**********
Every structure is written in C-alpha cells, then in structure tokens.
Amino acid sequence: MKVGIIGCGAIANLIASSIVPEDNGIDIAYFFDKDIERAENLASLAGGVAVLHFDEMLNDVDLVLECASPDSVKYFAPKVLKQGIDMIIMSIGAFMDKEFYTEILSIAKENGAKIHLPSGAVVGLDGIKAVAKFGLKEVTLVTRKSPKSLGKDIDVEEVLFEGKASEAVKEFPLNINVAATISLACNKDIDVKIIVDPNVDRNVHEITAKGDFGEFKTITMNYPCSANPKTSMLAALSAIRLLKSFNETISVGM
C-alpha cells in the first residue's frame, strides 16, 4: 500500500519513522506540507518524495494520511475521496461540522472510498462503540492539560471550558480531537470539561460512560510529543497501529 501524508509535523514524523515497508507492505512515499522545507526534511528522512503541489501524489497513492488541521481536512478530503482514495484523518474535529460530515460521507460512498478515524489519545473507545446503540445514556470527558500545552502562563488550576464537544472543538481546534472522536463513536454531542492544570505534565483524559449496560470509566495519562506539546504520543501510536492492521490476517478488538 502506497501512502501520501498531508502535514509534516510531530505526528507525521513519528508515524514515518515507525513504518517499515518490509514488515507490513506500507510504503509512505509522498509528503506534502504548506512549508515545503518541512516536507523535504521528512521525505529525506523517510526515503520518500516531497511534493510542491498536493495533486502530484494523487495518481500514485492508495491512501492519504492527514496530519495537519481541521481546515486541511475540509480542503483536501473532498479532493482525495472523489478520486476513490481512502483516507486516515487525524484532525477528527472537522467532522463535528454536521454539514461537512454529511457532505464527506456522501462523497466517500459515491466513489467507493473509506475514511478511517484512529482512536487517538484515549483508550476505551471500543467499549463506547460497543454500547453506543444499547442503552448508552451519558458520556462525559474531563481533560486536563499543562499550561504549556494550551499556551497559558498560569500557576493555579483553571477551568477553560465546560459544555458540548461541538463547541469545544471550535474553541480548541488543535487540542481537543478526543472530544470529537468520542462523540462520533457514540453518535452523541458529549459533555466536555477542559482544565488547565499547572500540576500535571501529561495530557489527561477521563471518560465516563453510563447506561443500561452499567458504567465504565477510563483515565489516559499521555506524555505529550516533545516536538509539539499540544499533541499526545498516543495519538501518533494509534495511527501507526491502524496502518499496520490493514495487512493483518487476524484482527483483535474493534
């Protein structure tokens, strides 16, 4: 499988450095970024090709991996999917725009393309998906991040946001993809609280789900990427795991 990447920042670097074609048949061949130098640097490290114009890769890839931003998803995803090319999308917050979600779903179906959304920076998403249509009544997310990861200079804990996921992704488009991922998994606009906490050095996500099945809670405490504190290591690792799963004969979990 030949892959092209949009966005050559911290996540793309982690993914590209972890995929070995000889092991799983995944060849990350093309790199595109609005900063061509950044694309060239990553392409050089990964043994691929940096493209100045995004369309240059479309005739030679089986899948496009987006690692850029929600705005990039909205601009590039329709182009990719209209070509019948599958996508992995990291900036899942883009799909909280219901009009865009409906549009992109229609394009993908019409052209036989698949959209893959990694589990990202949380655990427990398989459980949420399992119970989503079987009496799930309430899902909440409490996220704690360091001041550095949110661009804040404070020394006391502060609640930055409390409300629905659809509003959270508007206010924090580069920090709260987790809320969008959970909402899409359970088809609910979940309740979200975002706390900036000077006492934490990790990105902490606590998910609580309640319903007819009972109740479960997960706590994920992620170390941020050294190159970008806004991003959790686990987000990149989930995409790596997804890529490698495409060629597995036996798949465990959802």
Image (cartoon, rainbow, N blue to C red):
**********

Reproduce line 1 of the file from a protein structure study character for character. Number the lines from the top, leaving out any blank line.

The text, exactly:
Every structure is written in C-alpha cells, then in structure tokens.